What do you do when you find your old Game Boy? Most of us try to boot it up and reminisce the days of playing Tetris, Super Mario and Pokémon. Others like Gautier Hattenberger decide to turn it into a drone controller.

In order to do this, Hattenberger modified the Game Boy’s Game Link port with an Arduino Nano and an FTDI chip, which converts the Game Link signals to USB. Using a small piece of software on his laptop, he is able to control his Parrot ARDrone 2.0 via the classic device— A and B buttons for up or down, and the directional arrows for maneuvering.

Hattenberger has detailed his entire build here, and shared the code on GitHub.

Gyroscopes and accelerometers are the primary sensors at the heart of an IMU, also known as an internal measurement unit — an electronic sensor device that measures the orientation, gravitational forces and velocity of a multicopter, and help you keep it in the air using Arduino.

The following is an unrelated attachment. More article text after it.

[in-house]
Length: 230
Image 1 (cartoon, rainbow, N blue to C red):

Two videos made by Joop Brokking, a Maker with passion for RC model ‘copters, clearly explain how to program your own IMU so that it can be used for self-balancing your drone without Kalman filters,  libraries, or complex calculations.

Auto leveling a multicopter is pretty challenging. It means that when you release the pitch and roll controls on your transmitter the multicopter levels itself. To get this to work the flight controller of the multicopter needs to know exactly which way is down. Like a spirit level that is on top of the multicopter for the pitch and roll axis.

Very often people ask me how to make an auto level feature for their multicopter. The answer to a question like this is pretty involved and cannot be explained in one email. And that is why I made this video series.

You can find the bill of materials and code here.